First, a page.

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How to Assemble a Cheese Board

HG Entertains

How to Assemble a Cheese Board

The Big Cheese

Dinner, dessert, appetizer, or snack, a cheese board is the perfect way to keep yourself and others full and entertained. Apart from the basics, what you serve and how you present is up to you. It's a great way to incorporate your touch and  preference in a board that's sure to never disappoint. Practice makes perfect, and with a few go-arounds, you may end up with a new moniker your next large or intimate gathering: le grand fromage.

Start with the most important thing: good cheese

The best way to learn about cheese is by finding the best cheesemonger near you. Take time to sample cheeses and learn about their provenance and particularities. The best boards leave no cheese behind, so be sure to include a variety of flavours and textures. Work your way from soft cheeses such as Brie, medium-firms like a Spanish Manchego, aged varieties like Pecorino or a hunk of Parmigiano-Reggiano and blues like Roquefort or Stilton.

Make sure your board is big enough for all your goodies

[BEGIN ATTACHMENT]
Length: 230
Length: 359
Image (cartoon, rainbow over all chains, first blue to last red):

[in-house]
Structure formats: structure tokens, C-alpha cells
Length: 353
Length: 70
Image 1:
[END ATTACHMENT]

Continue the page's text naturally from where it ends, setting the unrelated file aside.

Once you start adding the extras, you'll quickly realize the importance of a board large enough for all the cheese enhancers. Make sure you have room for, and include, any or all of the following: charcuterie, mustard, olives, fresh fruit, nuts, cornichons, dehydrated fruit, vegetables, jams, marmalades, crackers, breadsticks and bread. Tip: If you haven't tried Marcona almonds with your cheese yet, we suggest you do.

It's not just an app

You needn't relegate your cheese board to pre-dinner app status. Let it take centre stage as the main course for a light lunch or supper, accompanied by salad and bread, or consider substituting it for a traditional dessert at the end of your meal.

Our Tips

  • If you haven't paired Marcona almonds with your cheese, we suggest you do. Imported from Spain, this caviar of almonds has a texture closer to a Macadamia nut and a shape that's rounder than the more common California almond.

  • When pairing wine with cheese, the general rule of thumb is to opt for a lighter variety that has enough acid to cut through the fat of the cheese. If you want to get specific with your pairings, this Wine Folly pairing guide will come in handy.

  • The freshness of fruit is a terrific contrast to the density of cheese. If you're not serving it straight away, steer clear of sliced pear or apple as they'll brown and spoil the look and experience of your cheese board.

  • Raw vs. processed honey is like chalk and cheese. Honey and cheese pair beautifully because honey's sweetness mellows out stronger cheese flavours such as Parmigiano-Reggiano, sharp cheddar and other aged cheeses. Make sure you use raw honey; not only does it taste better, it retains most of the naturally beneficial nutrients and antioxidants that is stripped in processed honey.

HG Entertains Essentials